• Allow students to bring a one-page “cheat sheet” to class as their only resource for completing a group activity. If they know the groups in advance, students can collaborate and develop sheets as a group rather than as individuals; this holds them accountable as a team member. Some additional solutions from: Honeycutt, B. (2016). Five Ways to Motivate Unprepared Students in the Flipped Classroom. Faculty Focus, April, 4TH.
  • Have a conversation. Identify who is not prepared and see if this is a trend. Talk to the student or arrange a future meeting. Once students realize they are on an instructor's radar, they often resolve their unpreparedness.
  • Proceed as planned by reviewing material students struggled with and go on with activities as planned. Do not give a quick lecture to recap the pre-class work. Unprepared students will learn that class time will not be derailed by their lack of preparation.
  • Rethink participation grades. Make the completion of pre-class work a significant part of participation and their final grade. This allows instructors more flexibility in determining what counts as “participation” and encourages students to come prepared.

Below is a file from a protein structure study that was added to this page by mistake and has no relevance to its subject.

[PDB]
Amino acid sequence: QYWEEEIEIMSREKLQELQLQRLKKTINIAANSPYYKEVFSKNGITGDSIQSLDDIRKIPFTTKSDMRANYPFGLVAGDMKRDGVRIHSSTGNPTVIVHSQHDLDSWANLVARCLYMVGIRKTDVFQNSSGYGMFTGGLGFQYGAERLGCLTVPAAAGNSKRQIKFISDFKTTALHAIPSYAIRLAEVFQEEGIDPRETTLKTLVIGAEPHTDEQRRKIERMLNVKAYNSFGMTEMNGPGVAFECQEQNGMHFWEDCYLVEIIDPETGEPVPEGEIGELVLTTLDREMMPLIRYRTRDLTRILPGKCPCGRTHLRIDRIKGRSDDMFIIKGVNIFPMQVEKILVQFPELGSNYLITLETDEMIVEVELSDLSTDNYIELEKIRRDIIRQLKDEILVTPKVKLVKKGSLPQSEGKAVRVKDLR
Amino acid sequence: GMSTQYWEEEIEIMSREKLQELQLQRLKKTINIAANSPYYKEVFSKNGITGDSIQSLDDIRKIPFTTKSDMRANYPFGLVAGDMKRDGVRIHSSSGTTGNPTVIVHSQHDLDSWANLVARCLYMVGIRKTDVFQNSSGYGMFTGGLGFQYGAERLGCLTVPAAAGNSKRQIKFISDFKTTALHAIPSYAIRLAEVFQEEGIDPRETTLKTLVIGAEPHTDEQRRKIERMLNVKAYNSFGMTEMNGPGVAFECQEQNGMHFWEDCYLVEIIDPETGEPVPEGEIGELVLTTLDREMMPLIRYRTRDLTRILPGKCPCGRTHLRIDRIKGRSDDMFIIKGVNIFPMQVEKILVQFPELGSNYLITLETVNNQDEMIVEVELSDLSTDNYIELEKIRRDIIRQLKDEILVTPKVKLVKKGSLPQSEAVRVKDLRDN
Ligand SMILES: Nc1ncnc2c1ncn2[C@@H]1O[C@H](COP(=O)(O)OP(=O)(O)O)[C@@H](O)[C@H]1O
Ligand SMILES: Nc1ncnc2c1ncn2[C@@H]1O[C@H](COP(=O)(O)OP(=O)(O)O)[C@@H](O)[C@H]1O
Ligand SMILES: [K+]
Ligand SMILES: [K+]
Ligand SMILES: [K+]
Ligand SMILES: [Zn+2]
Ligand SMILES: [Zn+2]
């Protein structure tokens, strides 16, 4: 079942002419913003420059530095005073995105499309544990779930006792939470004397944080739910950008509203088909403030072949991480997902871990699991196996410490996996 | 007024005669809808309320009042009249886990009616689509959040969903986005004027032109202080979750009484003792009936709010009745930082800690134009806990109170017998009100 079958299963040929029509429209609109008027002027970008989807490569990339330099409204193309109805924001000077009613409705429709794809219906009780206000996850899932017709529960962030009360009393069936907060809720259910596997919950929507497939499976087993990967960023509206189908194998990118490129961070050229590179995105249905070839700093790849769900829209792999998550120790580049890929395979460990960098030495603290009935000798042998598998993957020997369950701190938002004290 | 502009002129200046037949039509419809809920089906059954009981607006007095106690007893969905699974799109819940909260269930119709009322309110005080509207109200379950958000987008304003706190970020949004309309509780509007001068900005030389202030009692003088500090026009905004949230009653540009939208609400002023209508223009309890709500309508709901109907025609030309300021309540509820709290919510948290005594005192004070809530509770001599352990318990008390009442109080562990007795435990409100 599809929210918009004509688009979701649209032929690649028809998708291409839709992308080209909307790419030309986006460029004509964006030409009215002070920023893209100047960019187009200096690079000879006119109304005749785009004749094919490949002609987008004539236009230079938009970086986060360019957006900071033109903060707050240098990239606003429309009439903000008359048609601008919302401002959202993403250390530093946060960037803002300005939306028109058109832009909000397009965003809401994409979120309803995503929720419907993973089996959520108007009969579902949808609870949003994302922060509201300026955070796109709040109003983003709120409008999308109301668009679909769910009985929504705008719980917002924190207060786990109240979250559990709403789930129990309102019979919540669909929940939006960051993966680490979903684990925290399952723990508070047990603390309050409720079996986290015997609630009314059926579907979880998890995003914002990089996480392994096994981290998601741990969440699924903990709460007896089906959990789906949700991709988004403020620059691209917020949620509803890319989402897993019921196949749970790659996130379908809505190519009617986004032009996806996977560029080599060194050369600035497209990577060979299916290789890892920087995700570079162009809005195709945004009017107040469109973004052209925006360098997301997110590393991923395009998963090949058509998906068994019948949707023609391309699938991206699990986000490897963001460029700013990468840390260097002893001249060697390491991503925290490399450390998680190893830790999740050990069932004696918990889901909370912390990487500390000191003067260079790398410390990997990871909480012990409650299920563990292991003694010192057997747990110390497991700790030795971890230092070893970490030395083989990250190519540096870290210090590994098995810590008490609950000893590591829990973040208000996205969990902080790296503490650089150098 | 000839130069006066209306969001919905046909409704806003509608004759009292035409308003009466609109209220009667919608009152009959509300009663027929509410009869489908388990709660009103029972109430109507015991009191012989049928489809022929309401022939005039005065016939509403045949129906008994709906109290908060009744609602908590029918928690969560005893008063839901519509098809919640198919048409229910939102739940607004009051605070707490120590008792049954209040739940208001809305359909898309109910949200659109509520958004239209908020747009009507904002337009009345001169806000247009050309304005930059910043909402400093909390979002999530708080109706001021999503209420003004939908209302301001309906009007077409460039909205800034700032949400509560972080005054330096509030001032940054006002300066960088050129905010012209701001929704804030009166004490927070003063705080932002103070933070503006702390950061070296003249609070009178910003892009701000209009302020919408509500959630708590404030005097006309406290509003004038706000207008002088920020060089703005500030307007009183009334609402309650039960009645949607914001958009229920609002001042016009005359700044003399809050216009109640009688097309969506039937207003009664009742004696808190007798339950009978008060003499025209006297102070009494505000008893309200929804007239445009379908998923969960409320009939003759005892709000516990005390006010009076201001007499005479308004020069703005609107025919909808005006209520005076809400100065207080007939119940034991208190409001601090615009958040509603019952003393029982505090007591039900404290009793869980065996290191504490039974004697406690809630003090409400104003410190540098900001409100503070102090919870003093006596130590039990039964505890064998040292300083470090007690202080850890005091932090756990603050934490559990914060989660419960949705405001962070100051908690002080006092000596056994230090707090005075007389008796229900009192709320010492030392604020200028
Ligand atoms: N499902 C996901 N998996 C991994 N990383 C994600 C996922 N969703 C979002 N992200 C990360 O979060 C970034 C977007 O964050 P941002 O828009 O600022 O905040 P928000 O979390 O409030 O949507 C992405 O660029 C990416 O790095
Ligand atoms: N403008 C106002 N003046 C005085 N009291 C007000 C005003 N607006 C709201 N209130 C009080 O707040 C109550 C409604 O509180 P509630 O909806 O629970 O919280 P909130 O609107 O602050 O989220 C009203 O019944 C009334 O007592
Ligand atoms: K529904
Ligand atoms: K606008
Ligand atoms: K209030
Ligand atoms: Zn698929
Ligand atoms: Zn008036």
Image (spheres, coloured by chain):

Large classes

It can seem especially overwhelming to incorporate active learning activities into large classes.

Sorting large numbers of students into groups.

If students need to meet outside of class, utilize a tool such as Doodle to create groups based on availability. Or use a simple Google Forms survey to collect metrics that will help determine how students are grouped.

Supervising student work can be overwhelming.

Have students work in a digital environment (e.g., Google Drive or UBbox) and then send a link to their group folder. The faculty or TA can decide how much oversight they would like to provide. This also creates a time- and date-stamped paper trail of the work each student contributes.

No time to grade additional work.

Blackboard has automatic grading built into its quizzes. Peer grading can also be useful, but students will need direction on how to properly critique and give feedback.

Many students need help and there’s only one faculty in the room.

Encourage students to ask their peers before asking the faculty. Make use of message boards in Blackboard, Twitter, Facebook or Padlet where students can post questions and everyone can respond.

Space

Students can’t adjust their chairs to work together in groups in a large lecture hall with fixed seating.

When group work isn’t feasible, have students work in pairs or contribute on a digital platform.

As the university renovates classrooms, older chairs are being replaced with new ones that rotate 275 degrees so students can comfortably turn and speak to those around them. Newly renovated smaller classrooms will have tables and chairs that can be easily moved and adjusted to accommodate different activities.